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HSC madness is upon us… let’s learn how to write a killer essay.
But I don’t know anything…… We still have further content to cover in this course. None of you would be expected to properly answer an essay question yet. This will change over the next few weeks….so long as you attend all the classes between now and the Exams, includingthe sessions between the Trials and the actual Exam.
The HSC Exam is divided into two halves. The first half is 3 short answer questions. The other half is a single essay question. There will be six questions to choose from. They are listed under the headings of: • Practice (2 questions) • Conceptual Framework (2 questions) • Frames. (2 questions.) Choose ONE question. On your answer booklet, write clearly which question you are answering. Half the pie is 3 short-answer questions; the other half is a single essay question. Enjoy!
The following instructions (rubric) will be written on Section II of the exam paper. This tells you what the markers are looking for. (It’s always the same, btw.) How will I be marked? • Section II • In your answer you will be assessed on how well you: • present a well-reasoned and informed point of view • apply your understandings of the different aspects of content as appropriate (Practice, Conceptual Framework and the Frames) • use relevant examples Note that they expect you to understand what practice, conceptual framework and frames are. Also, they expect you to use examples. That means the names of specific artists or movements. Bear this in mind as you review what we have covered as we get closer to the exams.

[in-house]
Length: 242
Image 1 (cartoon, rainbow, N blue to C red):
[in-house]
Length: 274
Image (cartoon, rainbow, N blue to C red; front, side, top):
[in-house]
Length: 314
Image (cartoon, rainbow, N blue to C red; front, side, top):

So…what actually is an essay?No, seriously. • An essay is an exploration of an idea. It’s a given structure (introduction, body, and conclusion) into which you fit as much info as you can about a given topic. It’s a way to showcase what you know, in a logical fashion. Everyone writes using this same structure. • What holds this structure together are the topic sentences that are at the start of each paragraph, and tell the reader what each paragraph will be about. Um, what’s a paragraph again? Just a group of sentences that all relate to the same idea. Generally when you go to a new idea, you start a new paragraph. You put an empty line between paragraphs.
An essay is like a crocodile. It has a head, body and tail. • The head (or ‘introduction’) … a small paragraph. • The body (the main part of the essay)… several paragraphs. • The tail (or ‘the conclusion’)… another small paragraph. No matter how long or short essays are, or how complex, school or University, they are all built the same way:Intro / Body / Conclusion. We write the body first; then the conclusion. The introductionhowever should be written LAST. Why on earth? Don’t start with the head. It bites. Do it last.
In the essay, you must respond to the question asked. STEP 1: Find out what is being asked of you. Read it a couple of times…don’t panic if you are not sure. Circle key words. (Get familiar with the ‘Glossary of key words’ handout.) these are words that are typically used in the exam.) If you really don’t know, then, yep, you’ll have to guess. Here’s an example from the exam: Conceptual Framework Q 1.: Evaluate the significance of readymades or found objects to the meaning of particular artworks you have studied. What words stand out for us in this question? What should we concentrate on? Marcel Duchamp, (French, 1887 – 1968) Bicycle Wheel, 1951 (reconstructed – original created 1913, lost.)
Ok, I’ve figured out what they want. Now what? Q: Evaluate the significance of readymades or found objects to the meaning of particular artworks you have studied. STEP 2: topic sentences. Let’s get them down first on some spare paper. Then we start to put whatever info we can under these sentences, to flesh out a paragraph. Topic sentence 1: Define the terms (that is, ‘readymades.’) Topic sentence 2: A sentence to say when this was happening. Topic sentence 3: Something about meaning/conceptual framework. Topic Sentence 4: Another sentence on meaning or conceptual framework if we’re feeling brilliant. If not, 3 is fine. Do what you can.